Diffuse alveolar hemorrhage is most often fatal and is affected by graft source, conditioning regimen toxicity, and engraftment kinetics

Fatma Keklik, Ezzideen Barjes Alrawi, Qing Cao, Nelli Bejanyan, Armin Rashidi, Aleksandr Lazaryan, Patrick G Arndt, H. Erhan Dincer, Veronika Bachanova, Erica D Warlick, Margaret L MacMillan, Mukta Arora, Jeffrey S Miller, Claudio G Brunstein, Daniel J. Weisdorf, Celalettin Ustun

Research output: Contribution to journalArticlepeer-review

6 Scopus citations

Abstract

Diffuse alveolar hemorrhage after hematopoietic stem cell transplantation is a frequently fatal complication with no standard therapy. Although significant changes in supportive and intensive care measures for patients undergoing hematopoietic stem cell transplantation have been made over the past decades, the impact of these changes on the incidence and outcome of patients with diffuse alveolar hemorrhage has not been examined. We analyzed 1228 patients who underwent allogeneic hematopoietic stem cell transplantation between 2008-2015 at the University of Minnesota to study the incidence, risk factors, and outcomes of diffuse alveolar hemorrhage. Diffuse alveolar hemorrhage developed in 5% of allogeneic hematopoietic stem cell transplant recipients, at a median of 30 days (range +3 to +168 days) after transplantation. The incidence of diffuse alveolar hemorrhage was significantly greater in recipients of umbilical cord blood than peripheral blood or bone marrow grafts (HR: 2.08, 95% CI: 1.16- 3.74; P=0.01). In multivariate analysis, delayed neutrophil engraftment or primary graft failure was a risk factor for diffuse alveolar hemorrhage following peripheral blood or bone marrow hematopoietic stem cell transplants (HR: 5.51, 95% CI: 1.26-24; P=0.02) and delayed platelet engraftment was associated with significantly increased diffuse alveolar hemorrhage in umbilical cord blood transplant recipients (HR: 6.96, 95% CI: 2.39-20.29; P<0.05). Myeloablative regimens including total body irradiation were also risk factors for diffuse alveolar hemorrhage (HR: 1.8, 95% CI: 1.03-3.13, P=0.05) in both peripheral blood or bone marrow and umbilical cord blood hematopoietic stem cell transplants (HR: 1.87, 95% CI: 0.95-3.71). Patients with diffuse alveolar hemorrhage had an inferior 6-month treatment-related mortality (HR: 6.09, 95% CI: 4.33- 8.56, P<0.01) and 2-year overall survival (HR: 4.16, 95% CI: 3.06-5.64; P<0.01) using either graft source. The etiology of diffuse alveolar hemorrhage is multifactorial, involving lung injury influenced by high-dose total body irradiation, graft source, and delayed engraftment or graft failure. The survival of patients with diffuse alveolar hemorrhage after hematopoietic stem cell transplantation remains poor. Clinical interventions or experimental studies (e.g., cell expansion for umbilical cord blood transplants or thrombopoietin use) that modulate these risk factors may limit the incidence and improve the outcomes of diffuse alveolar hemorrhage.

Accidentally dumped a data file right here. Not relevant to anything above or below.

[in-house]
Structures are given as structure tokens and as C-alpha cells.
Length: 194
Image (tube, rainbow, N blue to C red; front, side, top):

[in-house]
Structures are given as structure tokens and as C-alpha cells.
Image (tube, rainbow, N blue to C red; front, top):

Original languageEnglish (US)
Pages (from-to)2109-2115
Number of pages7
JournalHaematologica
Volume103
Issue number12
DOIs
StatePublished - Nov 30 2018

Bibliographical note

Publisher Copyright:
© 2018 Ferrata Storti Foundation.

Fingerprint

Dive into the research topics of 'Diffuse alveolar hemorrhage is most often fatal and is affected by graft source, conditioning regimen toxicity, and engraftment kinetics'. Together they form a unique fingerprint.

Cite this